How Much Does Rent Cost In The Largest Cities In America?

How Much Does Rent Cost In The Largest Cities In America?

The return on rent is always negative 100%. No matter how much you spend on rent you will never get a return because you never have the option of selling your apartment or home in the future.

There's a reason why every single wealth study comparing renters and homeowners show that homeowners are at least 40X wealthier than renters. We humans are not good at saving and investing. At the least, a home is a forced savings account as we pay down the mortgage.

Let's look at home much rent costs in the 25 largest cities in America.

How Much Rent Costs In The Largest American Cities

Rent is flushing money down the toilet. Don't let anybody tell you otherwise. To illustrate exactly how much money you are flushing down the toilet over time, take a look at this chart below.

How Much Does Rent Cost In The Largest Cities In America?

By the age of 50, you will have flushed $671,965 down the toilet if you rented in Austin, $992,434.29 if you lived in Washington DC, $773,000 if you lived in a bad part of NYC, and a whopping $1,647,000 down the toilet if you rented in San Francisco!

Are you kidding me? Stop wasting money folks, and try to at least get neutral real estate by owning your primary residence.

If your city is not on the list, don't worry. Simply add up how much you'll end up spending on rent for your desired property if you never buy. Then run the numbers like the example above and see where you'll end up in 10 – 40 years from now.

If you can't afford to buy your primary residence, then at least invest in real estate so you don't get left so far behind.

The best way to invest in real estate is by buying a publicly traded REIT or buy investing in real estate crowdfunding. Fundrise created the eREIT and is the most innovate platform out there.

You don't have to come up with a 20% downpayment to buy a single concentrated asset if you don't want to. You can buy a Fundrise eREIT for as little as $500 to start diversifying into real estate.

I've personally invested $810,000 in real estate crowdfunding after selling my SF rental for $2,740,000 in 2017, or 30X annual gross rent. It feels great to be diversified into 18 different properties around the country and earn money passively.

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Rent Is A Waste Of Money

To recap why renting is a losing proposition long term:

1) The return on rent is always -100%. Yes, you get a place to live, but if you buy, you also get a place to live. Once this variable is canceled out, what's left is the owner's optionality to sell the asset.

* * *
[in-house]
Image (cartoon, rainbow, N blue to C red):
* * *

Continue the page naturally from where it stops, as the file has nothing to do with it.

2) Nobody every saves and invests the full difference. All anti-homeowners say is that they will come out much better because they'll simply save and invest the difference if they rent. But the statistics don't show this to be true, otherwise, why is the average homeowner 44X wealthier than the average renter? It's because Americans are not disciplined enough to save and invest. We are a consumerism culture.

3) Time is your friend when it comes to owning a property. The longer you rent, the longer you will suffer at the expensive of the homeowner who is building equity. Homeownership and renting is one of the biggest reasons for the widening wealth gap over time. Rising rents and rising property prices will crush your financial progress if you are unwilling to get neutral real estate by owning your primary residence or moving to a lower cost area.

4) No risk, no reward. Staying in a rent-controlled apartment is somewhat akin to working at a safe day job with no upward mobility. You'll likely never starve, but you'll likely never get rich either. If you take some risk by buying real estate, you might do very well just like if you decided to start your own business or hop to a different employer. Or you can end up losing a lot if you don't buy appropriately. Always put down 20% and have at least a 10% liquidity buffer after.

5) Massive home equity buffer has been created. There will unlikely be another housing downturn as big as we saw between 2007 – 2010 because of higher lending standards and massive amount of home equity. Therefore, real estate will likely only see a 10-15% correction before a resumption up in prices.

If you don't have the down payment, don't want to manage tenants, or don't want to do any maintenance work, consider owning real estate through Fundrise, the leading real estate crowdfunding platform today.

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If you rent for life, you are going to look back 30 years from now with regret. Your kids will also likely hate you for not buying so long ago. If you don't want to build wealth for yourself, built wealth for your children.

About the Author: Sam worked in investing banking for 13 years. He received his undergraduate degree in Economics from The College of William & Mary and got his MBA from UC Berkeley. In 2012, Sam was able to retire at the age of 34 largely due to his investments that now generate roughly $250,000 a year in passive income. He spends time playing tennis and taking care of his family. Financial Samurai was started in 2009 and is one of the most trusted personal finance sites on the web with over 1.5 million pageviews a month.